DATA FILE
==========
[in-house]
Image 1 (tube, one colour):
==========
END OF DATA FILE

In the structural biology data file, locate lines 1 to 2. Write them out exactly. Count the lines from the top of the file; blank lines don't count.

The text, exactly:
[in-house]
Image 1 (tube, one colour):